“You need a telephone to talk to the person next to you,” one H1 rider told me, from the other side of the transmission hump.
Passengers would sit in awkward seats that were more like foxholes in the far corners of the truck. This is more SUV-ish.
In the center there are now cupholders, a storage bin and less room. Except for the enormous, chrome-colored gearshift and four large air ducts, the controls are dials borrowed right off any GM vehicle you’ve ever driven. There is dual-climate control, a Bose sound system, an in-dash CD player with nine speakers, power leather heated seats, a trip computer and the OnStar navigation system.
Heated seats and OnStar? Definitely no H1 here.
Under the hood, it’s also a tamer version.
A 6.0-liter V-8 provides a healthy kick, its 316 horsepower enough to get you going in a hurry, especially considering all that weight.
What’s more, all that weight is surprisingly easy to handle.
The H1 was a load to take around a corner. The H2 is leaner. Handling is Suburban-like and easy to manage, whether it’s on the city or the highway. It’s also quieter and less clunky. The H1 would shift gears like, well, a military vehicle.
The H2 is tougher to characterize.
It seats six, like an SUV, but thanks to the full-size spare in the cargo area, it doesn’t have nearly the storage space.
It is comfortable, but anyone over 6-foot is going to have a hard time squeezing under the roof line.
It is not six figures, like the H1, but it is still at least $48,000. And that’s not counting the bank loan you’ll need at the pump. Even with heavy highway miles, the H2 averaged no better than 12 miles per gallon. With a 32-gallon tank, that’s close to $60 per fill up.
Nice touches: The H2 comes with its own compressor and a valve in the rear cargo area so that a hose can be attached and tires reinflated. Also, there’s the option of an Adventure package that adds a self-leveling rear air suspension and a Lux package that adds chrome everywhere.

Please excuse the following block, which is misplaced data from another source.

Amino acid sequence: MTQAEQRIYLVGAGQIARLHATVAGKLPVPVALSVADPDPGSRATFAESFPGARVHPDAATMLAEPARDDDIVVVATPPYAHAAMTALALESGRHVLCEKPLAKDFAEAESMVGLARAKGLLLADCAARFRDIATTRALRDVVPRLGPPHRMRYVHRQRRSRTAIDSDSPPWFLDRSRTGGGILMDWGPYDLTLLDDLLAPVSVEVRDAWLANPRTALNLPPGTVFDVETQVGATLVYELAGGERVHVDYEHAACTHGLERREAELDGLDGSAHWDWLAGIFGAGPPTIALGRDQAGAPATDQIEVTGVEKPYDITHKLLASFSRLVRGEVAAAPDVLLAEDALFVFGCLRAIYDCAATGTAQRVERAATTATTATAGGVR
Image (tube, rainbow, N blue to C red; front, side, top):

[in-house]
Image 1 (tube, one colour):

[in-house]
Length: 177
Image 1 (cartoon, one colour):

OK, so why would you buy it?
In its simplest form, the H2 stands for fun. It’s a conversation piece that is also comfortable. It’s a kick to drive, without all the clunks.
What is it?
If you need to figure it out, you probably don’t need one.
2003 Hummer H2
High gear: The tamer, gentler version of the H1 is more manageable inside and out. It still has a brawny engine, big tires and an odd shape, but it handles all of the above with more manners.
Low gear: The big spare tire eats up serious cargo space and the H2 itself eats up serious gasoline. Headroom is also limiting.
Vehicle type: All-wheel-drive, front-engine, four-door, six-passenger truck.
Key standard equipment: Four-speed automatic transmission; on-demand 4WD; high-low gear selection; automatic locking hubs; trailer hitch; all-terrain tires; full-size spare tire; four-wheel ABS; traction control; dual air bags; anti-theft system; daytime running lights; leather seats; eight-way power driver and passenger seat; power windows, locks and mirror s; OnStar service; AM/FM in-dash six-CD Bose stereo with nine speakers; separate rear audio; dual-zone climate control; cruise control
Key competition: Cadillac Escalade, Ford Expedition, GMC Yukon
Base engine: 316 horsepower, 6-liter V-8
Torque: 360 foot-lbs. @ 4,000 rpm
Wheelbase: 122.8 inches
Length: 189.8 inches